To survive in this district, Katniss has to hunt for anything that resembles meat or fresh fruit.  Fresh bread is a luxury, not a staple.  It’s illegal, punishable by death to hunt.

Josh Hutcherson in 'The Hunger Games' Image via distributor Lionsgate

(Josh Hutcherson as Peeta)

We meet Katniss on the day of the Hunger Games, where “the lottery” is drawn to choose one child between the ages of 12 and 18 years of age, of each gender from each district as a “tribute.”  It’s the day that everyone dresses up and looks their best, preparing for the worst as they head to the square where the Hunger Games lottery, the reaping, is held, televised for all to see.  And it’s a requirement of all citizens to watch the games.

The children’s names are put into a drawing with a ticket.  1 ticket at age 12, two tickets at age 13 and so on until they reach 18.  But if you want extra stipends from Capitol each year, you can always ask for more entries for your child into the games.   Katniss’ name will be in the drawing with 20 tickets.  Her sister, Prim, having just turned 12 this year, will have a solitary ticket in the bin, one of thousands to be chosen from.

But things get ugly because the unexpected happens and Katniss finds herself a participant in the games.

You see, this is unheard of because the tributes are put into a televised contest between all the tributes from all the districts, in a battle to the death.  In the end, there can be only one who survives.  And that winner will bring fame and good fortune to their district for a year. But what a horrible price to pay.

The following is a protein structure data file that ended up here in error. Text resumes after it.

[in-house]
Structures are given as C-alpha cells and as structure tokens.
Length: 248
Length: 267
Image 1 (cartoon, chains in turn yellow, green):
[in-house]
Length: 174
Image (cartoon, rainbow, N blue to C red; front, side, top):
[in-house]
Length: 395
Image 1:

The Horror of The Situation Is Laced With Hope, Yet…

And it’s from there that I read in horror how these 24 children are forced, in a televised, reality TV program, to kill each other by whatever means necessary in The Hunger Games.  All to evidence the control that Capitol has over them all.

It’s a somber, depressing world that the reader finds themselves in.  And yet, you can’t help but be caught up in the grandeur or somberness of the situation.  The book elicits a confusing range of emotions and sucks you right in.

You follow Katliss through the entire process of volunteering, being prepared for and participating in the games.  It’s a great read, even if you’re opposed to the entire principal.  You follow her every thought through most deeds and events of the Hunger Games and you come away with the idea of how, “matter of fact” she approaches her situations.  There’s no remorse or “what if” thinking.  The games are what they are.

And now that she’s in The Hunger Games, she has to use her best talents to survive as best she can in the games.

There are wonderful and frightful twists and turns throughout the book.  At times you grimace with Katniss and at other times, you’re screaming in your head for something to happen to help Katniss.

My saying that I liked this book would be an understatement.  And I’m glad it’s a trilogy because now my time in that world with all it’s political twists and turns can last just a while longer.  At least this time, I can maybe, more calmly read through the 2nd and 3rd books.

I have give a kudos and a thank you to Suzanne Collins for creating and writing The Hunger Games.


A quick little bonus:

If you’re a fan and haven’t heard of the movie, or know about the movie but haven’t seen it yet, here’s the movie trailer for The Hunger Games (Dang, it all makes such perfect sense now.):